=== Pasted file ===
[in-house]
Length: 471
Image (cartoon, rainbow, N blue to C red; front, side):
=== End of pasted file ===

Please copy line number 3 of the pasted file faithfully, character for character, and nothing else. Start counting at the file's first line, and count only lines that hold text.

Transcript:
Image (cartoon, rainbow, N blue to C red; front, side):